Drilling is expected to begin in mid-2023 at Energean’s onshore Ioannina block; followed, a year later, by drilling at Block 2, an offshore license northwest of Corfu that is held by Energean (75%) and ELPE (25%), following Total’s withdrawal; as well as Block 10 and Ionio, two offshore licenses held by ELPE.

Two further licenses, west and southwest of Crete, both held by a consortium that has brought together TotalEnergies (40%), ExxonMobil (40%) and ELPE (20%), are regarded as the most promising of all six licenses but, at the same time, are the least developed in terms or preliminary exploratory work. The consortium aims to conduct, next winter, seismic surveys covering 6,500 square kilometers.

Energean has already conducted a seismic survey at its Ioannina block, the most developed of all six licenses in Greece, and has set a drilling target.

ELPE to seek Ionian Sea partner, Crete delayed by case

Hellenic Petroleum ELPE has successfully completed seismic surveys at offshore blocks in the Ionian Sea and the Gulf of Kyparissia, west of the Peloponnese, for which the company holds 100 percent exploration and exploitation rights, and once results have emerged, will seek to establish partnerships for these ventures, CEO Andreas Siamisiis noted yesterday.

The chief executive, who was speaking at ELPE’s official launch for a solar energy farm in Kozani, northern Greece, one of Europe’s biggest, informed that the group’s hydrocarbon exploration activities for potential natural gas deposits, part of the group portfolio, will focus on offshore areas and be accelerated.

The results of data collected through seismic surveys at the Ionian Sea and Gulf of Kyparissia blocks will now be studied, while 3D seismic data will also be collected, a procedure to require a further 12 months.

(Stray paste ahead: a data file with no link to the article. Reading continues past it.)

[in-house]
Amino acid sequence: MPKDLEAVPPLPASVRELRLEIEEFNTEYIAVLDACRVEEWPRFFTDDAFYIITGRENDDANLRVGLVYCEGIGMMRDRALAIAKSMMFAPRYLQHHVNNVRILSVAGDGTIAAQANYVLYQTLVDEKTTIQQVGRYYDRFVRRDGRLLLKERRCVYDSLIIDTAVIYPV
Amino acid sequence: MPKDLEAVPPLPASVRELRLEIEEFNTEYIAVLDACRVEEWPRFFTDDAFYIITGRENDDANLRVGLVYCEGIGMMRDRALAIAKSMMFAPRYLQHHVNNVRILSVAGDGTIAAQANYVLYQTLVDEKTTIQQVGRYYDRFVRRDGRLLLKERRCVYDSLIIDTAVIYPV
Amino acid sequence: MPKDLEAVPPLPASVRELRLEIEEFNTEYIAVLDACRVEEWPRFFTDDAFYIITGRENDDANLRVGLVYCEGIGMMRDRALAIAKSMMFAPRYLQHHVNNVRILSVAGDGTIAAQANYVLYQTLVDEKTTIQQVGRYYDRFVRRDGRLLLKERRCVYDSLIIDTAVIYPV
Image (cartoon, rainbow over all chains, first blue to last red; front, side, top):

As for ELPE’s interests at Cretan offshore blocks, for which the company has formed a consortium with France’s Total and America’s ExxonMobil, surveys conducted have shown similarities with areas in the eastern Mediterranean, where major hydrocarbon discoveries have been made.

ELPE’s chief executive attributed delays affecting exploration work at the Cretan blocks to a legal case filed with the Council of State, Greece’s Supreme Administrative Court, targeting the venture’s environmental impact study. No serious company would continue exploring with such a legal case pending, Siamisiis noted.

 

 

Government now fully encouraging upstream activity

The Greek government is now fully encouraging foreign and domestic upstream companies to continue their hydrocarbon exploration activities at licenses held in the country for discovery and production of natural gas deposits.

In comments offered yesterday, Prime Minister Kyriakos Mitsotakis, while referring to the government’s latest energy-crisis support package for households and businesses, spoke of the country’s need to utilize its natural gas deposits as part of a national effort to achieve energy sufficiency.

Europe’s need to drastically reduce its reliance on Russian natural gas, as highlighted by the repercussions of Russia’s invasion of Ukraine, has prompted the Greek government to reassess its energy policy and, once again, turn to the country’s hydrocarbon potential.

The European Commission has prioritized swifter development of renewable energy sources in the EU, but cover will be needed from other energy sources during the transition, expected to last many years.